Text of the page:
Laser Research Institute
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Weak measurement quantum feedback control

Closed-loop feedback is a control technique widely used in modern science and engineering. Common examples include temperature control using an air conditioner, cruise control of a motor car, or autopilot of an aeroplane. In addition, biological systems exploit the technique for enumerable biological functions. In quantum systems however, one is immediately confronted with the difficulty that the usual projective measurements disrupt coherent dynamics, thus complicating the state estimation process needed for feedback. We study so-called weak measurements [1-5], a class of positive operator valued measurements, as a means to achieve state estimation and enable feedback control of the coherent dynamics of trapped ions. This technique has previously been employed to estimate photon numbers in a microwave cavity [6], or to stabilise Rabi oscillations of superconducting qubits [7].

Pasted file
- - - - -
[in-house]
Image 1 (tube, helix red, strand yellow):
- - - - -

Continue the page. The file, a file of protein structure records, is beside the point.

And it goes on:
[1] Quantum measurement and Control, H.W. Wiseman, G.J. Milburn, Cambridge University Press, Cambridge (2010) 
[2]Quantum feedback control of a solid-state qubit, R. Ruskov, A.N. Korotkov, Phys. Rev. B, 66, 041401(R) (2002) 
[3] Evolution of a qubit under the influence of a succession of weak measurements with unitary feedback, H. Audretsch, L. Diosi, T. Konrad, Phys. Rev. A 66, 022310 (2002) 
[4] Qubit feedback and control with kicked quantum nondemolition measurements: A quantum Bayesian analysis, Phys. Rev. B 74, 085307 (2006) 
[5]Frequency tracking an parameter estimation for robust quantum state estimation, J.F. Ralph, K. Jacobs, C.D. Hill, Phys. Rev. A 84, 052119 (2011) 
[6] Real-time quantum feedback prepares and stabilizes photon number states, C. Sayrin et al., Nature 477, 73 (2011) 
[7] Stabilizing Rabi oscillations in a superconducting qubit using quantum feedback, R. Vijay et al., Nature 490, 77 (2012)


Dynamical Decoupling

Applications reliant on coherent quantum effects inevitably face the challenge of overcoming the unwanted influence of decohering noisy environments. Powerful techniques to mitigate such effects have been developed. Many of these techniques, collectively called dynamically decoupling, are multipulse generalisations of the spin echo invented by Erwin Hahn in 1950 [1]. Our current effort focuses on finding robust control techniques and tractable mathematical descriptions of the techniques in complex noisy environments.

[1] E.L. Hahn, Spin Echoes, Physical Review 80, 580 (1950)